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The degrees of their so much vaunted intelligence, which is in general very limited, and rarely capable of being made subservient to the purposes of man, vary almost as much as the ever-changing outline of their form. From the grave and reflective Oran-Otang, whose docility and powers of imitation in his young state have been the theme of so much ridiculous exaggeration and sophistical argumentation, to the stupid and savage Baboon, whose gross brutality is scarcely relieved by a[142] single spark of intelligence, the gradations are regular and easy. A remarkable circumstance connected with the developement of this faculty, or perhaps we should rather say, with its gradual extinction, consists in the fact that it is only in young animals which have not yet attained their full growth, that it is capable of being brought into play; the older individuals, even of the most tractable races, entirely losing the gaiety, and with it the docility, of their youth, and becoming at length as stupid and as savage as the most barbarous of the tribe.

In the foregoing observations we may perhaps be considered as giving too much space to the generalities of the subject; an objection to which we can only answer that nearly the whole of our knowledge of the Monkey tribes consists in generalities. Of the great number of species, upwards of one hundred, which are now known and characterized, very few are distinguished from their immediate fellows by striking and strongly-marked characters, either physical or moral. The groups too are connected by such gradual and easy transitions, that although the typical forms of each, isolated from the mass and placed in contrast with each other, unquestionably exhibit many broadly distinguishing peculiarities, yet the entire series offers a chain so nearly complete and unbroken as scarcely to admit of being treated of in any other way than as one homogeneous whole.

Anthropoides pavoninus. Vieill.

It can scarcely fail to have been remarked by those who have perused the preceding pages with moderate attention that the species of cats described in them, including the largest and most formidable of the whole genus, are exclusively natives of the Old World, and confined to the hot and burning climates of Southern Asia and of Africa. A second and more numerous class, of which, however, no example exists at present in the Tower Menagerie, and which, consequently, it does not fall within our province to illustrate, occupy the colder and northern regions of both hemispheres. These belong principally to the same subdivision with the Lynx[42] (being, like him, distinguished by the pencils of long hairs which surmount their ears), and to that which comprehends the domestic cat; and are all of diminutive size and trifling power when compared with those monstrous productions of the torrid zone, the Lion, the Tiger, and the Leopard. The reader is not, however, to imagine that the smaller species exist only in the vicinity of the pole and in the temperate regions of the earth: he will find, on the contrary, that many of them are natives of more southern climes, and commit their petty ravages under as fierce a sun as that which fires their more dreaded competitors in the career of rapine and of blood. Of one of these, the true Lynx of antiquity, we shall have occasion to treat in a subsequent article.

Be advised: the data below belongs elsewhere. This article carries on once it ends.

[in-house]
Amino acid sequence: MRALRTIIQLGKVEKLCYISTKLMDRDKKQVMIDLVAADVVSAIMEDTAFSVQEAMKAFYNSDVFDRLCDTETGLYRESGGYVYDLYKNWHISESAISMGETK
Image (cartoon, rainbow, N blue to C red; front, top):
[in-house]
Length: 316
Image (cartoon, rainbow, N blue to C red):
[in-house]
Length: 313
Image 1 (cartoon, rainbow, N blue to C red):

Having in the preceding article terminated the series of Mammiferous Quadrupeds at present existing in the Tower Menagerie, we must next direct our attention to the illustration of the Birds, a Class which, although fully entitled to the second place in the arrangement of the Animal Kingdom, is separated by a wide and almost unoccupied interval from that which unquestionably claims the foremost rank.